“I see, I see,” my senior manager nodded.
“Also,” I went on, “In practice, it’s very difficult to spot these opportunities because of market complications. I gave you a very simple example. But what would happen if Sally sold her apples in bundles of four and Timmy bought them in bundles of seven? Or if it costed 20c to transport an apple from Sally to Timmy? Or you got taxed on apple profits? Or if the bank wanted interest on that loan?”
“I’m not that good with the numbers,” Erikson gulped.
“In reality, there are always many confounding factors,” I continued, “It takes real skill to spot a genuine arbitrage opportunity and even more skill to exploit it. And then once you’ve found it, it disappears in the blink of an eye, like it was never there to begin with.”
“But you guys think you found one?” Erikson inquired.
“Yes,” I nodded, “We found that wheat was under-priced so we’re longing put options at a strike price that guarantees a profit.”
“Please, please,” Erikson raised his hands, “In English. Layman’s terms remember? I’ve got to explain this guys who aren’t that clued up on the markets.”
I sighed again. I wondered if Erikson really thought he had me fooled with regards to his ‘understanding’ of the markets. If he did, perhaps he was even more unqualified than I’d initially assumed.
“Ok well here’s what we did,” I replied, “Farmers sell wheat at whatever price the market buys it for. But experts in the industry are predicting that next year’s harvest isn’t going to be very large, so that means we expect wheat to become scarcer in the future. So the price should go up right? You with me?”
“But the market hasn’t reacted to that yet; wheat is still relatively cheap,” I continued, “We didn’t ask why, we just saw a golden opportunity to make something happen. So we ran the numbers and then bought up all the wheat we possibly could. We bought tons and tons and tons of the stuff from any farmer that was willing to sell, and we got it a cheaper price than we calculate it’s actually worth. Now here’s where it gets better: we bought so much wheat that we actually created a shortage. Now what happens when something is scarce?”
“The price goes up?” Erikson suggested, lacking confidence in his answer.
“Yes, the price goes up,” I affirmed, “And that’s exactly what happened. We bought all this wheat on the cheap and then, fifteen minutes later, we could have sold it right back for more and made a killing. But that’s not what we ended up doing. We actually found a way to make even more without even taking a calculated risk.”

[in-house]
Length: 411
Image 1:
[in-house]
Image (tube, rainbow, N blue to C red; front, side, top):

“Ok, I’m with you,” Erikson nodded.
“So here’s what we did till this afternoon,” I continued, “We paid some of our friends in the media to keep spreading stories about this wheat shortage and we scheduled some experts to give talks on how it’s going to impact the economy over the next few weeks. In anticipation of all of this, the market reacted again and got scared, and the price for wheat went up even further.”
“I’m following,” Erikson nodded.
“But we didn’t stop there,” I went on, growing excited; “We actually found a way to make potentially even more profit. You see, there are these derivatives called ‘Put Options’ and, essentially, they allow us to sell the wheat at a much higher price in six months’ time if we want to; but we don’t have to if we don’t want to. So we took up a whole lot of put options with a several different granaries to sell the wheat in six months’ time, locking in the profit, while also diversifying away the credit risk.”
“Ok I’m not so sure about that part,” Erikson answered scratching his head.
“Never mind that for now, bear with me,” I continued impassioned, “So we took all this wheat and we paid various farms and warehouses to store it for us. And to be doubly safe, we insured the wheat as well. Are you following so far? This is where it gets really good.”
“I think so,” Erikson replied, “You guys have a whole lot of wheat and wheat is expensive.”
“Correct,” I nodded, “So this is how it’s going to play out. In six months’ time, when the contracts mature, we’re allowed to sell the wheat at a certain price to all those granaries; let’s call that price X. Now X is already higher than the price we paid for it, plus the costs of storage, plus the insurance premiums, plus the option prices, plus the insurance on creditor default. So no matter what happens, we’re guaranteed to sell the wheat for X, recoup our costs and make a profit.”
“That’s incredible,” Erikson marvelled.
“It gets even better,” I smiled, “You see, we’re only protected from the downside risk. The upside can, and is very likely to, happen. You see, in six months’ time, if the wheat price is higher than X, we’re not forced to sell the wheat to those granaries because we only bought options and we don’t have to exercise them. So if the wheat price is higher than X, which is likely based on market anticipation, we can sell the wheat for even more and make an even bigger killing.”
“Wow,” Erikson mouthed, “So it’s all upside and no downside.”
“Exactly,” I smiled, proud of myself for managing to convey my message.
“That’s amazing,” Erikson looked dumbfounded.
“In the free market, that’s what we call arbitrage,” I smirked.
“You guys are real whizzes,” Erikson shook his head, “How do people think of these things?”
I just smiled, drinking in Erikson’s incredulous admiration.


The next six months crept by one dragged-out day at a time. With much of our funds tied up in this project, there was little left for us to do but wait. Yuri ran close to a million simulations a day just to keep Harold happy. But after a time, Harry grew tired of worrying about our project and took to spending his days on the golf course. He kept on nagging me to join him, but after a few polite refusals he seemed to get the message. Tyler was scarce. I wasn’t sure if he was avoiding me, or if he just didn’t come in to work these days. Every few weeks, Erikson would call me up to his office just to check up on our team and I’d just placate him with the figures and affirm that everything was going according to plan. And as for me? I just decided to forget about the whole thing and pass the time elsewhere. I stocked up my library on all the books I hadn’t read in the last few years and I passed the days catching up on my reading. I even took Valerie to a few fancy dinners and operas; I ended up sleeping through most of the latter.